RASUWA, March 1: When Langtang valley settlement was devastated by avalanches in April of 2015, the survivors were left with no hopes. 10 Nepal Army personals, 35 foreigners and 175 locals were buried in the tragedy. The panoramic settlement was completely erased. The survivors fled for their lives. Nearly two years down the line, the valley is, however, making great progress towards reclaiming its charm.
“We had abandoned this place and fled for our safety. But it was very hard staying away from here. We could love no other place than our own,” said a local Karma Tamang. “We were emotionally destroyed and overcoming that was difficult beyond words. But we were committed to reclaim our place,” he added.
When the government did not heed to Langtang locals’ appeal to speed up the rebuilding process, they decided to do it on their own. After around a year of the devastation, many families, who had been living in the capital since the tragedy, started returning back for rebuilding it on their own. Rebuilding the settlement that was devastated by massive avalanches was not easy but the survivors did it with strong will power, Karma noted.
“Elsewhere the government had started distributing relief funds. But it did not come to us. We were united and committed to get back on our feet,” he said. “The government has not even approached us for availing the grant that the earthquake victims in other parts of the country have provided. So it would have been futile had we depended on it,” Karma added.
The strength of these locals, they claim, lies in the astounding beauty of the Lantang region. They were optimistic that the valley would mesmerize tourists as soon as they open it for them. Along with the breathtaking Himalayan ranges, unique Tamang culture and lifestyle of the region lures tourists here.
Karma says that the new settlement, which is under construction for over a year now, would be even more reflective of local culture and tradition when completed.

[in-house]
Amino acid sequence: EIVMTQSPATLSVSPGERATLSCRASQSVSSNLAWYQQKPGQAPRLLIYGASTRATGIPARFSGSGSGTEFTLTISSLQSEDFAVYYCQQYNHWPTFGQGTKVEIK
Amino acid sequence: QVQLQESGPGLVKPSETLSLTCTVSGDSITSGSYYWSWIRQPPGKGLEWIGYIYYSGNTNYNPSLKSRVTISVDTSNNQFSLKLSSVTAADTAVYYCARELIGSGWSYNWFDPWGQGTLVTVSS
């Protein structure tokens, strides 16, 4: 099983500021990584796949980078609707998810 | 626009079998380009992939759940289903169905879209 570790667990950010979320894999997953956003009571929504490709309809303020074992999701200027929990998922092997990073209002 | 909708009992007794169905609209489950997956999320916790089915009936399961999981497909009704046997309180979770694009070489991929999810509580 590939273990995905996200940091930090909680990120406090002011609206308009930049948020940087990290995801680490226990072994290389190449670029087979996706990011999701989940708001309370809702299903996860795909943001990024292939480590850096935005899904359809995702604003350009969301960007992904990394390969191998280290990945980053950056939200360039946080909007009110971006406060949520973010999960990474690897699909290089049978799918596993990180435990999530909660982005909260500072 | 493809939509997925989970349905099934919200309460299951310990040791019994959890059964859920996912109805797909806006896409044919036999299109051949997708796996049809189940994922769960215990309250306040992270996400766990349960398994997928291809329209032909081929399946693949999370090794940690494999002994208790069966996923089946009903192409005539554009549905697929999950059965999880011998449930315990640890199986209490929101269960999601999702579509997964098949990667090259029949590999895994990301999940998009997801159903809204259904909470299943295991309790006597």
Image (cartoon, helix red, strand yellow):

They have built over 40 houses, few monasteries and opened up new trekking routes in the valley. “This is the result of our joint effort. We have built the new settlement taking safety precautions in consideration. While 40 houses have already been built, 27 more are under construction,” he informed.
Karma, who is also the coordinator of the Langtang Rebuilding Committee (LRC), said that preserving the culture and history of Langtang has been very seriously considered while rebuilding it. “Everything is going on very well. Now we are focused on restoring the historical monasteries in Kyanjin,” he said.
Tourists excite locals
The reconstruction has already started paying off. It is already receiving tourists. Both domestic and foreigner tourists have been visiting it to the valley. Number of hotels and lodges are already in operation to cater to the need of the visitors.
“We are providing all types of facilities to tourists. They love the hospitality. The trekking routes are safe and beautiful. We expect more tourists to come here in the days ahead,” said Karma.
Another local of Langtang valley, Finjo Tamang stated that the arrival of tourists in the valley has filled the locals with much hope and confidence that their investment is not going to go in vain. He said that they invested in rebuilding with high hopes that their life would return to normal. “Tourists are coming and staying for weeks. This has been compensating our hard work and perseverance,” he said. “When we were hit by avalanches, we felt dead as we had lost not only our physical assets but more painfully, our family members,” Finjo added.
According to Lilanath Nepal, program officer of District Development Committee, the government grant was not distributed to the locals following directives from the national reconstruction authority to hold reconstruction process in ‘risky area’. “The grant would have been provided much earlier. But that could not be done as the authority’s letter was not in favor of reconstruction here. It cited risk as the factor,” he said.
The District Police Office informed Republica that bodies of 82 persons that were buried then are yet to be recovered. Of them 22 were foreigners, 21 locals residents and the rest were domestic tourists and porters. “Search for them is still on,” Shiva Raj Gelal, chief district officer, said.